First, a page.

Stew Etten, Ruder Ware managing partner, stated, “Ruder Ware is always looking for outstanding attorneys to join our firm. With the opportunity to add Attorneys Metzler, Pahl, and Levanetz, the time was right to open a Green Bay office. We’re very excited to have attorneys of their caliber join our team of professionals.”

About Ruder Ware
Founded in 1920, Ruder Ware is the largest law firm headquartered north of Madison. With offices in Wausau, Eau Claire, and Green Bay over 40 attorneys provide legal and business advice to clients with operations of all sizes. Areas of practice include: Employment, Benefits & Labor Relations, Litigation & Dispute Resolution, Business Transactions, Trusts & Estates, and Fiduciary Services. Ruder Ware, Business Attorneys for Business Success. www.ruderware.com

Media Contact:
Jamie Schaefer
COO
Ruder Ware, L.L.S.C.
P: 715.845.4336
E: jschaefer@ruderware.com

Faxing Patient Health Information to Wrong Number – Compliance Risk Area

Tuesday, March 13th, 2018

Physician Revises Faxing Procedures to Safeguard PHI After Faxing PHI to Employer  by Mistake

faxing phi wrong numberA medical office recently settled with OCR after it allegedly disclosed a patient’s HIV status when the office mistakenly faxed medical records to the patient’s place of employment instead of to the patient’s new health care provider.  The employee responsible for the disclosure received a written disciplinary warning, and both the employee and the physician apologized to the patient.  To resolve this matter, OCR also required the practice to revise the office’s fax cover page to underscore a confidential communication for the intended recipient. The office informed all its employees of the incident and counseled staff on proper faxing procedures.

Two things pop about about this instance.  First, this was clearly a privacy violation.  The patient’s protected health information, which incidentally revealed his or her HIV status, we sent to the employer.  Secondly, it was evident from the facts that this was a mistake.  We aren’t told exactly how this mistake was made.  Was the fax number written down in the wrong box on the patient’s records?  Did the employee who faxed the records put the incorrect number on the fax cover sheet?  We may never know.  But this does raise the importance of being precise at all stages of the patient encounter to assure that no inadvertent violations occur.  Care you should be taken when information about the patient is initially entered into the system.  Individuals at all levels who may be responsible for transmitting PHI must be deliberate about their actions.  How many people have called or faxed something to the wrong person before?  How many people have written down the wrong telephone or fax number before?  Everyone?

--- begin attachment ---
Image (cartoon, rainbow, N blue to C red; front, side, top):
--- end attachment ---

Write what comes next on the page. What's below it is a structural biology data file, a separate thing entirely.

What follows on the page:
This OCR settlement just illustrates that sometimes these small errors can have big implications.  It does not appear to have been any significant fines or loss of employment in this situation.  But we cannot downplay the potential embarrassment or other negative consequences of mistakes like these.  It is one thing to text your friend Bob rather than your friend Bobbie, and weirdly from Bob’s perspective say how wonderful last night was and how you can’t wait to see him again.  Telling a patient’s employer about their health condition can have consequences that are much harder to laugh off.

RCS-1 Model Worksheet Gives a Glimpse of a World Without RUG

Monday, March 12th, 2018

RCS-1 Sample Worksheet

Time Is Running Out on RUG System for Skilled Nursing Facility Reimbursement

It is currently anticipated that the RUG system, which is currently used to calculate reimbursement for Medicare Part A skilled nursing services, will be changed over the next year.  CMS is currently considering a new Resident Classification System that will completely change the way SNFs are reimbursed for their services.